For brands thinking of using TikTok to do product launches and campaigns, Sbai has an important piece of advice – get out of the way of creators and let them do their thing.

“Creators know how to play TikTok,” said the CEO, whose company manages 15 creators with a combined total of 60 million followers. “For them it’s easy and natural to understand how their audience reacts and what the trends are.

“As a brand you have to step back and ‘debrand’. You should play the platform like a creator, which means that you have to work with creators unless you have very talented employees. You have to give them the freedom to present things in their own way and phrase it in their style.

“If you have too strong a corporate identity the generation that’s super dominant on TikTok (Generation Z) will immediately spot it and punish it by not reacting well. That means not watching the video and the algorhythm understands no-one is interested. Or they give bad feedback in terms of comments. You have to find the right language, wording and give creators freedom. That’s the only way to crush TikTok.”

The rise of the ‘Sinnfluencer’

Above all, when engaging with media-savvy Generation Z brands have to ensure they entertain audiences first, before sharing information.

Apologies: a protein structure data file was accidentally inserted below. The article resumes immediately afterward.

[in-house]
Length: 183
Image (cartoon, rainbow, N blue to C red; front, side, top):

“You have to offer real value,” said Sbai. “It’s information but in an entertaining format. Even if you are a loved brand like Disney and Mercedes Benz you still have to start with value first and then communicate your new product launch or whatever in a very subtle, native way that it doesn’t feel like ads.”

According to Sbai storytelling has gotten a lot stronger through social media because it allows a variety of different messages with Generation Z becoming more potent in the advertising world.

“They think differently to previous generations. In Germany there is a term ‘Sinnfluencer’ (Sense or purpose influencer), which means they want to understand what you stand for. It’s not just about lifestyle and being cool anymore, you really have to have a message and values.

“That has an effect on how advertising works. Generation Z understands that you are doing ads so we don’t even try and make them think this is not an ad. We say – this is an ad and it still might be cool.”